Boris Johnson won't run for Conservative leadership

Boris Johnson won't run for Conservative leadership

Michael Gove, Secretary of State for Justice, and Home Secretary Theresa May are in the race for the Conservative Party's leader. (AP and EPA photos)
Michael Gove, Secretary of State for Justice, and Home Secretary Theresa May are in the race for the Conservative Party's leader. (AP and EPA photos)

LONDON - The race to become Britain's next prime minister took a dramatic last-minute turn with former London Mayor Boris Johnson -- considered a front-runner -- ruling himself out of the race after the defection of a key ally on Thursday.

Mr Johnson, a prominent campaigner for British withdrawal from the European Union, told a news conference that the next Conservative Party leader would have needs to ensure Britain's standing in the world.

"Having consulted colleagues and in view of the circumstances in Parliament, I have concluded that person cannot be me,'' he said.

Mr Johnson dropped out after Justice Secretary Michael Gove, Mr Johnson's ally in the EU "Leave" campaign, astonished the political world by announcing that he was running to succeed Prime Minister David Cameron.

Home Secretary Theresa May and Work and Pensions Secretary Stephen Crabb are also in the race.

The winner of the contest, to be announced Sept 9, will become prime minister and play a vital role shaping the nature of Britain's relationship with the European Union after last week's Brexit vote ended the career of Mr Cameron, whose bid to keep Britain in the EU block failed.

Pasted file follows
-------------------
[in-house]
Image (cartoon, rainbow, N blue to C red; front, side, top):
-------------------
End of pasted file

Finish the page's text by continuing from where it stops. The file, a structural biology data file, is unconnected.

The bookies' early favorite is Ms May, who is seen by many in the party as a safe pair of hands as the country struggles to disentangle itself from the EU.

"This is not a normal leadership held under normal circumstances,'' Ms May said in a speech Thursday in London. "The result means we face a period of uncertainty we need to address head on.''

Although Ms May had offered a tepid endorsement of Britain's place in the European Union during the referendum campaign, she was clear that the vote would be respected.

"The United Kingdom will leave the EU,'' she said, pledging to create a brand-new government department devoted to negotiating Britain's "sensible and orderly'' departure from the 28-nation bloc.

Boosting Ms May's chances was a last-minute falling out between her two leading competitors -- Mr Gove and Mr Johnson -- who had campaigned together to yank Britain from the EU.

In a statement, Mr Gove said he would pursue the prime minister's post after concluding that Mr Johnson "cannot provide the leadership or build the team for the task ahead".

An email from Mr Gove's wife, Daily Mail columnist Sarah Vine, obtained earlier by Sky News, suggested that Mr Gove should ensure he had specific guarantees from Mr Johnson before backing the latter's bid.

She added that influential right-wing media barons Rupert Murdoch and Paul Dacre "instinctively dislike'' Mr Johnson.

Mr Gove's camp has declined to comment on the missive.

The opposition Labour Party is also is extreme disarray, with leader Jeremy Corbyn facing intense pressure to resign after losing a confidence vote. He has lost the support of the party's lawmakers but claims the rank and file still back him

He is expected to face a formal leadership challenge in the coming days. He has faced heavy criticism for failing to campaign effectively in support of keeping Britain within the EU.

Vote Leave campaign leader, Boris Johnson, waves as he finishes delivering his speech in London on Thursday. (Reuters photo)

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